My Month as an Archaeologist

My first time as a real life archaeologist was even better than I imagined and it’s all thanks to the Northern Mongolia Archaeological Project, short for NMAP. Run by Dr Julia Clark from the American Centre for Mongolian Studies and Dr Bayarsaikhan Jamsranjav from the National Museum of Mongolia this field school offered a once in a lifetime opportunity to investigate nomadic pastoralism at the site of Soyo in the Darkhad region in Northern Mongolia. The team was comprised of a variety of nations; Mongolians, Australians, Americans, Scottish, British, French, and Swedish. Though all originating from different cultures, languages, and education, we all spoke the common language of archaeology and excitement!

The back side of Soyo mountain.

The trip gave me experiences in a variety of areas, but some of the archaeological that first come to my mind are working with Ian Moffat (Flinders University), and Dave Putnam (University of Maine at Presque Isle). Ian was on the team in order to construct an image of the whole site using GPR (http://www.dayofarchaeology.com/archaeological-geophysics-in-northern-mongolia/). As a student of Ian’s we were given the task of walking up and down the sloping hills of Soyo, more often than not scattered with boulders ranging from the size of a hand to the size of a tent! Strapped onto our back was the radar which every 2cm would send pulses down into the ground to a depth of roughly 4m before bouncing back up. As we moved forward the screen depicted the data we had just collected, and it was fascinating being able to see what was beneath our feet and what it would mean later on for the site. Apart from GPR we were able to fly a kite with a camera attached to it up in the air to capture an aerial image of the site. What I definitely learnt from trying to fly a kite multiple times, was that all one needs is a storm and a kite goes right up! Learning about GPR, and learning how to work the technology associated with it was fascinating and a preview into what I see as the way of archaeology.

Ben Turcea and Evan Holt digging one of the test pits.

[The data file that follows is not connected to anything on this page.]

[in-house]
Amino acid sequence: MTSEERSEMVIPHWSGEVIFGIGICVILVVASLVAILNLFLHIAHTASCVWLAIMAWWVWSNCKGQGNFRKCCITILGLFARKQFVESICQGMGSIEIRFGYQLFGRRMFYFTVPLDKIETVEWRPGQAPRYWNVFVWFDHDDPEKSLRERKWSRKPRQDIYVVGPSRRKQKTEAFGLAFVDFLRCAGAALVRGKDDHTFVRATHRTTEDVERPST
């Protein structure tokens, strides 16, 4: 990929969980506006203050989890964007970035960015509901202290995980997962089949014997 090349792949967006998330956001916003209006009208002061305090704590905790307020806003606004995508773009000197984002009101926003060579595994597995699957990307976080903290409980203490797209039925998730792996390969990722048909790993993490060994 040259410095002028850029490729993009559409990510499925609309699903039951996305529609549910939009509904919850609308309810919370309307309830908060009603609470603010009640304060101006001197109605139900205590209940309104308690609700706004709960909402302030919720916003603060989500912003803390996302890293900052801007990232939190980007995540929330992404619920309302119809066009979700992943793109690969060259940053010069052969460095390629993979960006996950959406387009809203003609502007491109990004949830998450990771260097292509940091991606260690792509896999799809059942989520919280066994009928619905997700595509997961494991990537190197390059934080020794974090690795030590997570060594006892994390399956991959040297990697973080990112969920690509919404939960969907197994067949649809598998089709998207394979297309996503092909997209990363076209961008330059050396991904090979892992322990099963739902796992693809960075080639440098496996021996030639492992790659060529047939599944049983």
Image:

Working with Dave will always be remembered as the time I baptised my Marshalltown trowel. We dug six test pits in total and every test pit provided a different stratigraphic image of the landscape. Two of our test pits reached a depth over 140cm, with one of them even hitting permafrost which was an exciting discovery! Dave, along with Ian were able to describe each of the different layers we were viewing and bring them to life. Reading about stratigraphic layers from a textbook will never be the same let me tell you that! What I found extremely interesting were that the glacial boulders we encountered were at different depths at each test pit and units. Additionally I was able to help dig out the deeper test pits while upside down which just shows I’m fit for the role of an archaeologist!

Evan Holt and Adam Nelson giving me a helping hand.

This trip will be one of the most memorable excavations in my lifetime and I would recommend it to anyone! My only recommendation is that when you’re offered goat, take as much of it as you can because you’ll want seconds!

Archaeology at Tintagel… on the edge of a cliff!

[I begin with two things – a confession and an apology. Firstly, the day I’ve chosen to describe in my Day of Archaeology isn’t actually the 29 July – as that day I was happily walking the south-west coast path and sitting on a beach in Cornwall. So I’ll be describing my day on Tuesday 26 July instead. Secondly, apologies as it’s being posted so late – the holiday is the reason for that too!]